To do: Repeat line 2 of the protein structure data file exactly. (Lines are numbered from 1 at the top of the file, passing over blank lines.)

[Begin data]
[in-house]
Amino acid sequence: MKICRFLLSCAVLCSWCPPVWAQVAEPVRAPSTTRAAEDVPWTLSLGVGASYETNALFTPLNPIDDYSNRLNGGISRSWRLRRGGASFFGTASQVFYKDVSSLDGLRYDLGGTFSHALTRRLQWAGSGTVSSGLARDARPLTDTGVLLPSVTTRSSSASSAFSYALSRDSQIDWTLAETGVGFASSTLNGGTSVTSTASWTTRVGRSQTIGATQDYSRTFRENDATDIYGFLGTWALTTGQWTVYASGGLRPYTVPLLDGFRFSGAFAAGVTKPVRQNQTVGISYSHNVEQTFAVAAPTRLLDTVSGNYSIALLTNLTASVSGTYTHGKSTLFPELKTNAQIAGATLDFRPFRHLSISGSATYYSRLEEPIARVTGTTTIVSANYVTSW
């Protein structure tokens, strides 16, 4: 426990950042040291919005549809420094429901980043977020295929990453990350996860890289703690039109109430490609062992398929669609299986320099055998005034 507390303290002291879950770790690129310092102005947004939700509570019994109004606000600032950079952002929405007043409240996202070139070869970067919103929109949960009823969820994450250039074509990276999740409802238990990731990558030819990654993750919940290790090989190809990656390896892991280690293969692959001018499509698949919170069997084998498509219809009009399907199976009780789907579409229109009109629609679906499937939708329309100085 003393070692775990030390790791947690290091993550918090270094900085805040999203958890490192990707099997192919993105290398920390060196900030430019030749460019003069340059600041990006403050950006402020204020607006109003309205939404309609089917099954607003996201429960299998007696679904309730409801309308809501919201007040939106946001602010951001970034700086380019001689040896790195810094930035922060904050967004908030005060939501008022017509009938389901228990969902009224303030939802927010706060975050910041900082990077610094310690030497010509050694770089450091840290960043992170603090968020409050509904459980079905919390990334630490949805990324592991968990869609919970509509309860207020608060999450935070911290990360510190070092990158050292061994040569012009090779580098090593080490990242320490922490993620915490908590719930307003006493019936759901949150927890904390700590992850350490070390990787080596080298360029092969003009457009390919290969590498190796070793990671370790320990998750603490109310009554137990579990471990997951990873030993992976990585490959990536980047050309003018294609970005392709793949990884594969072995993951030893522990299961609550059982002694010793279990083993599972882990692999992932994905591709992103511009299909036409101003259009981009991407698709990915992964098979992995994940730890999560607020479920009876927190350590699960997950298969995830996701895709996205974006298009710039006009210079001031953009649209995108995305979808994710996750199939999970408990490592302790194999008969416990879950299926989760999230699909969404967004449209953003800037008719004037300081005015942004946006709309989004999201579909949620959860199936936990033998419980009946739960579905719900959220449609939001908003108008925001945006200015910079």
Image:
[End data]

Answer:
Amino acid sequence: MKICRFLLSCAVLCSWCPPVWAQVAEPVRAPSTTRAAEDVPWTLSLGVGASYETNALFTPLNPIDDYSNRLNGGISRSWRLRRGGASFFGTASQVFYKDVSSLDGLRYDLGGTFSHALTRRLQWAGSGTVSSGLARDARPLTDTGVLLPSVTTRSSSASSAFSYALSRDSQIDWTLAETGVGFASSTLNGGTSVTSTASWTTRVGRSQTIGATQDYSRTFRENDATDIYGFLGTWALTTGQWTVYASGGLRPYTVPLLDGFRFSGAFAAGVTKPVRQNQTVGISYSHNVEQTFAVAAPTRLLDTVSGNYSIALLTNLTASVSGTYTHGKSTLFPELKTNAQIAGATLDFRPFRHLSISGSATYYSRLEEPIARVTGTTTIVSANYVTSW